Question on freelance design

From my mail:

Since I graduated from design school two years ago, I’ve been doing some freelance projects here and there [as well as] posting some random work on my site. Recently, I was approached by the manager of a singer who’s recently been signed to a major record label. He is looking to see if I would be interested in designing a few pieces for them to use for photoshoots, appearances, music videos etc and asked me to send him some of my work. I told him that I was concerned about trusting people who approach me through the internet and since then, he has been very helpful in answering all my questions and addressing concerns I have. I asked him how I would protect my work since they are located in the states and I am located in Canada. He advised me of how it works over there but I don’t know how different the laws are here in Canada. Is it as simple as finding a laywer to write up a contract?

I guess it could be as easy as hiring a lawyer. I don’t know. I’m not sure I understand what it is that they want. They want to see product sketches or they want to see what sketches you come up with on prospect? By on prospect, I mean they want you to sketch some ideas, and then you ship them off so they have the luxury of looking them over, and then deciding whether they want to buy them? I wouldn’t do that. The “protection” wouldn’t be worth the paper it was written on. Assuming you had copyright protection, you have to prove damages. Technically, you’re only damaged if they made money on the deal. If they just made costumes for the guy, they didn’t make any money so you have no damages. You couldn’t find a lawyer to take the case, not across borders. With no damages, you’d never recover what it’d cost you to bring suit. Now let’s say you didn’t do up sketches for them but just sent what you had lying around, you’d still have to prove damages if they borrowed your concepts. Again, if they only made onesies, twosies, they didn’t make money and you won’t recover anything to justify the cost of a lawsuit, assuming you could find somebody to take it.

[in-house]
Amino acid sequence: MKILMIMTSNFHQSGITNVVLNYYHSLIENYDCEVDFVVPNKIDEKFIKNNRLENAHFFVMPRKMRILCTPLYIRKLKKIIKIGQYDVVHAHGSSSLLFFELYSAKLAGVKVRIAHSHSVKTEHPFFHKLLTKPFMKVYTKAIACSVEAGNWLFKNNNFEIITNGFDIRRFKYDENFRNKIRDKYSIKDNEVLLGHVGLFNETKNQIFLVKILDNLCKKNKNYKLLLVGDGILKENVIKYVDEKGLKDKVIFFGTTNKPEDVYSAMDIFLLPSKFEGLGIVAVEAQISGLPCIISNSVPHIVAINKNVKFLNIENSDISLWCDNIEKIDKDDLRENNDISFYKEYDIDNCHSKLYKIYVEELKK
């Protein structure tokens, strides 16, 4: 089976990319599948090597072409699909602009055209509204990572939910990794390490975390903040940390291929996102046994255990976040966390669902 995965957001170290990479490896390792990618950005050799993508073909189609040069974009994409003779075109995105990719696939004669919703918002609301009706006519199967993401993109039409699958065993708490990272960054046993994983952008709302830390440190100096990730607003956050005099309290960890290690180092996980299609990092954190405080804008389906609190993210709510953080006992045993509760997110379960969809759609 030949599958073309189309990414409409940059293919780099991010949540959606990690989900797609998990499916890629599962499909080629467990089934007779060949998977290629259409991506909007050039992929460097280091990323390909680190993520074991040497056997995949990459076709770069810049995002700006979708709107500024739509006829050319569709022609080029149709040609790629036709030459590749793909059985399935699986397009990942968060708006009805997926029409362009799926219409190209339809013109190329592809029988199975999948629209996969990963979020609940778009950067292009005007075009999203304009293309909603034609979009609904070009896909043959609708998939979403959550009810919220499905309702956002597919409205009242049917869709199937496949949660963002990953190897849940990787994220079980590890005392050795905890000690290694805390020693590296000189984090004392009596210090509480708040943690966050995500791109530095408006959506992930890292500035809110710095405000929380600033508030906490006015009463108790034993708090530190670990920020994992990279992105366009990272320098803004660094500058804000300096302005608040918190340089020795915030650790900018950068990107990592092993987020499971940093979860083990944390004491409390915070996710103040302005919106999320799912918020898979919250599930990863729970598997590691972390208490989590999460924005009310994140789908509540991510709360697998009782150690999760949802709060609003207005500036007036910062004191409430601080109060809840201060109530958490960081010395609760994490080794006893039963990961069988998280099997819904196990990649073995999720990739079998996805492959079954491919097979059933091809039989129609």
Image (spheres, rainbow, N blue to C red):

Considering all of that, I wouldn’t send them any sketches I had or any I developed on prospect. They already like your style, if they want you to design specific to their purpose, get a retainer based on an hourly rate. So, in answer to your question, I don’t know why this manager isn’t doing a work for hire deal with you. The only protection you need is to get paid. If they’re serious, they should just hire you. What is it really going to cost them for you to come up with three sketches? Not much. If they’re serious and professional, they’ll should pay a retainer. Otherwise, your protection isn’t going to do anything for you.

Now, you can always decide to trust them and send them stuff -they could be genuinely good natured folks- but only do it with the understanding that you may get shafted. As long as you’re willing to accept that possibility, it could be a risk you’re willing to take. Although if you do get the job and they hire you, it’s not as though a freelance designer makes that much anyway.